The rise of security

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10/19/2016

FRAMINGHAM, Mass.—Several reports have come out in the past month looking to quantify growth within security, each illuminating the fact that the industry is growing both here in North America and globally as well.

In terms of the global security market, the first Worldwide Semiannual Security Spending Guide from International Data Corporation (IDC), released last week, forecasts that worldwide revenues for security-related hardware, software, and services will grow from $73.7 billion in 2016 to $101.6 billion in 2020—at a CAGR of 8.3 percent, more than twice the rate of overall IT spending growth over the five-year forecast period.

The largest category of investment will be security-related services, which will account for nearly 45 percent of all security spending worldwide in 2016, and the largest segment within that category, managed security services, is forecast to generate revenues of $13 billion this year. Security software will be the second largest category in 2016, with endpoint security, identity and access management, and security and vulnerability management software driving more than 75 percent of the category's revenues.

The industries making the largest investments in security solutions in 2016 will be banking ($8.6 billion), followed by discrete manufacturing, federal/central government, and process manufacturing. The industries that will see the fastest growth in their security investments will be healthcare, followed by telecommunications, utilities, state/local government, and securities and investment services. Each of these industries will experience CAGRs above 9.0 percent over the forecast period.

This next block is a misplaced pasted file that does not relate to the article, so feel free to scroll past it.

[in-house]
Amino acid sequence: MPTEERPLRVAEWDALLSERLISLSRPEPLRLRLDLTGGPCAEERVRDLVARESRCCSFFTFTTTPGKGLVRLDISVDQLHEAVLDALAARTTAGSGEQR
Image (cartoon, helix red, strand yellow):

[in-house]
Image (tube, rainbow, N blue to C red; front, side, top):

Interestingly, one of the fastest growing segments of the security products market will be user-behavior analytics software—growing at a CAGR of 12.2 percent through 2020, an area that many of our "20 under 40" Class of 2016 winners, both integrators and end users, mentioned as one of the most promising technology areas right now in the industry.

Many are working to get to a point where all of the data coming in, including video, can be mined and managed for use with predictive analytics, better time management, faster and more accurate alarm verification, operational efficiencies—the list goes on an on.

The topic also generated a lot of interest in this month's News Poll, where we asked you, our readers, about the top emerging technologies coming out of ASIS 2016 in September. According to 43 percent of respondents, video surveillance and VMS was the most talked about technology at ASIS 2016, with thirty-one percent saying that big data/analytics was the most talked about.

All told, there is a lot to get excited about in the industry right now.